Sarah Churchill, St Albans’ favourite Duchess?

The hot tip for winning a hat full of trophies at this year’s film awards is The Favourite, starring Olivia Colman, Emma Stone and Rachel Weisz in the leading roles. Olivia Colman, in the role of Queen Anne, recently picked up the award for Best Actress at the Golden Globes in Los Angeles, and the film already has multiple nominations for the up-coming BAFTA awards.

The central theme of The Favourite is the relationship between the ailing Queen Anne, who ruled Britain from 1702 until her death in 1714, and her close friend and adviser Lady Sarah Churchill, the Duchess of Marlborough. The film uses Hatfield House for its main setting, but the real story of the Queen and Duchess has even greater historic links to our local area.

Sarah Churchill, or Jennings as she was then called, was the daughter of the MP for St Albans and was born in the city in June, 1660, most probably at Holywell House at the foot of Holywell Hill. With family connections to the Royal Court, in 1673 the young Sarah was installed as maid of honour to King James II’s second wife, Mary of Modena, and it is during this period that Sarah and the young Princess Anne became friends and confidantes.

Sarah married John Churchill in secret during the winter of 1677-8 and their roles grew in importance for Queen and Country over the next 30 years. Sarah’s friendship with the now-Queen Anne effectively gave Sarah control of the Queen’s finances and dictated who was allowed to see and speak to her. John Churchill, meanwhile had risen to the rank of Britain’s foremost general and was given the title of Duke of Marlborough after his famous victory over the French and Bavarian forces at the Battle of Blenheim in 1704. As a reward for his victories the magnificent Blenheim Palace in Oxfordshire was built for the Duke and Duchess.

In spite of owning such a lavish country house, the Churchills kept possession of Holywell House and continued to stay in St Albans as often as possible. Sadly the property was demolished in 1837, and now only a blue plaque at the junction with Belmont Hill marks its approximate location. The plaque describes Holywell House as the favourite home of the Duke and Duchess, which Sarah confirmed in a letter she wrote in 1714, saying: “However ordinary Holywell House may be, I would not part with it for any house I have seen on my travels”.

Unfortunately, Sarah’s hot temper contributed to her falling out with Queen Anne, and as the film The Favourite shows, her central position at Court was taken over by Sarah’s cousin Abigail. Ironically, the impoverished Abigail had been given a position in Sarah’s household in St Albans many years earlier, and by 1704 she had risen to the role of Lady of the Bedchamber to the Queen, thereby sowing the seeds of her rivalry with Sarah.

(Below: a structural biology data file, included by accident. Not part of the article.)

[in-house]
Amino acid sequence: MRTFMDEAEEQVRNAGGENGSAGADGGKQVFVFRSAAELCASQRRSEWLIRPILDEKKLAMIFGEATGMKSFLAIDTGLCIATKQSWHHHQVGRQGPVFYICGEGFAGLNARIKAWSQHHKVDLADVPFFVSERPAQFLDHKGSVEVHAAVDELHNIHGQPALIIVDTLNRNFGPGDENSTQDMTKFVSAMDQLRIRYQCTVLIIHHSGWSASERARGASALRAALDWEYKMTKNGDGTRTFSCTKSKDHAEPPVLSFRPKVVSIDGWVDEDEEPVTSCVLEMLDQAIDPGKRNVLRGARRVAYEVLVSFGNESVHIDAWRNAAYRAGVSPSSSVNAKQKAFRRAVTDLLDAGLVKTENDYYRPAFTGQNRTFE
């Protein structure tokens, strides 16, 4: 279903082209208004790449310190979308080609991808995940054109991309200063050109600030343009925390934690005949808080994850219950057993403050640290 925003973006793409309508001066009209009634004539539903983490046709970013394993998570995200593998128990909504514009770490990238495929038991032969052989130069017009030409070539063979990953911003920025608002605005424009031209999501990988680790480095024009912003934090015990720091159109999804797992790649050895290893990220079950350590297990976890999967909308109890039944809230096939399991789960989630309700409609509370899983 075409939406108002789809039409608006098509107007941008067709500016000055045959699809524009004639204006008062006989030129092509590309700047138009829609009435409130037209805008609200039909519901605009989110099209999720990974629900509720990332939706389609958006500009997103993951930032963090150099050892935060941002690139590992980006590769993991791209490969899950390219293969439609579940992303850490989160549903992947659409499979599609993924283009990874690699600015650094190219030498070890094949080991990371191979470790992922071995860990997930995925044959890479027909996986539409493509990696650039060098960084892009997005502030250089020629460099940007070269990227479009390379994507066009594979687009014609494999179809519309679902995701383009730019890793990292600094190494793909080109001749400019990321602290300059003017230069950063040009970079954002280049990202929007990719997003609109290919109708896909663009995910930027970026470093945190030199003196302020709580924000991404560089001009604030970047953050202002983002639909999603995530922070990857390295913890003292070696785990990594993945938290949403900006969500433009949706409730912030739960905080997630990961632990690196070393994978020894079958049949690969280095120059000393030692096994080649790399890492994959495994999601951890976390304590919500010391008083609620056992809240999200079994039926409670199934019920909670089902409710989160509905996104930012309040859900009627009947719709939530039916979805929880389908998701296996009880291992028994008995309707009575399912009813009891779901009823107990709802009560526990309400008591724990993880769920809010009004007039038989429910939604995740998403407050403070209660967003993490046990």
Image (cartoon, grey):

The Marlboroughs’ rift with Queen Anne was never healed and for several years they travelled Europe in self-imposed exile. On Anne’s death in 1714 George, Elector of Hanover, was proclaimed King George 1 of Great Britain. As personal friends as well as a former military colleague of George, the Duke and Duchess quickly returned to the heart of political and social life. After the Duke died in 1722, Sarah’s temper and strong will ensured she continued to upset many people at Court, although her position in society was now secure. The Duchess of Marlborough never re-married in spite of several offers, and she died in London in 1744 at the age of 84.

The Marlboroughs’ influence on Britain has continued down the centuries, their more famous descendants including Sir Winston Churchill and Diana, Princess of Wales. Closer to home they are remembered in numerous street names in St Albans (Jennings Road, Churchill Road, Woodstock Road and Blenheim Road all lie close to Clarence Park), the former Marlborough Arms public house, now a private house at the bottom of Holywell Hill, the Marlborough Alms Houses on Hatfield Road, and the secondary school known as Marlborough Science Academy. From relatively humble beginnings as minor aristocracy, Sarah and John Churchill certainly made their mark on society.

This article is part of our Celebrating St Albans History series. You can view all our historical facts on our Celebrating St Albans History page. If you have a historical fact you would like to add please let us know by using the contact form below or by emailing

Don't miss a post:

Subscribe to our quarterly newsletter
Like us on LinkedIn
Follow us on Twitter
Like us on Facebook

Contact Us

When you send an enquiry you are giving your consent to receive marketing emails from Bretherton Law. We promise we won't bombard you with SPAM emails, or sell your information to someone else and you can unsubscribe at any time.

Do you consent to receive marketing information from Bretherton Law?